Pork steak was never a favorite cut of meat for me. However, I rekindled my affection for it at my happy place, the farmers market. I discovered it's amazing!
My friend Kristin is a hard-working farm wife who spends her days chasing livestock, three bright and busy young boys, and a whole menagerie of pets.
If that's not enough, she's got a side hustle, managing a farmers market and selling the meat they raise. This involves transporting actual deep freezes 15 miles to the market site twice a week! She should have a superhero cape.
Recently, she handed me a package of pork steak and asked me to "cook something with them and write about it." Hmmm, I would need inspiration from the kitchen muse.
Sheer magic happens when a lowly, inexpensive pork butt roast is treated to a good meat rub and cooked low and slow for hours. It explodes with flavor and is tender as an angel's cheek. That's why it's the crown jewel of Kansas City barbecue.
This steak is also cut from the pork shoulder. If it comes from the shoulder, why is it called a butt? Here's why. During colonial days New England butchers packed the less prized cuts of pork into barrels for storage and transport.
The barrels the pork went into were called butts. So now you know. And that's why a large quantity of anything can be legitimately called a butt load. Feel smarter already, am I right?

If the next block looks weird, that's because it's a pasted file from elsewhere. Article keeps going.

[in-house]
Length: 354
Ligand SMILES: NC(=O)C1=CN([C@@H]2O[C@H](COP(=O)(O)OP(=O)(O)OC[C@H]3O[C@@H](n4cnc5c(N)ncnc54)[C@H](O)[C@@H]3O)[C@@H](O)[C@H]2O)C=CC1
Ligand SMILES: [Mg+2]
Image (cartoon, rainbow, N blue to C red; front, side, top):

I really like McCormick's Grill Mates Barbecue Rub but they don't pay me to say so!
Next, I fired up my black cast iron skillet and quickly browned the steaks on both sides. The muse whispered, "add peaches." Great idea, Muse! They're perfectly divine right now and pair beautifully with pork. Finally, a generous drizzle of raw honey provided the sweet counterpoint to the spicy rub.
If my skillet had a lid, I would have used it but heavy duty aluminum foil crimped tightly on top worked just fine. I put the pan in a 325 degree oven to bake.
Beautiful baby red potatoes roasted right alongside the meat in a Pyrex pie plate. I simply tossed them with olive oil and sprinkled them lightly with kosher salt before they went in the oven.
Another vendor had young slender green beans that steamed to perfection in under five minutes in my ancient pressure cooker. You could sure use your instant pot for the beans.
About an hour later, I put this beautiful plate together. The pork steak was succulent and packed with flavor. Hope you'll give it a try!
Next time you're cruising the meat aisle for "din-spiration", don't turn up your nose at this hidden gem. I'm so thankful to Kristin for the opportunity to create a new favorite!
Have you ever eaten pork steak? Did you know why it's called a pork butt?
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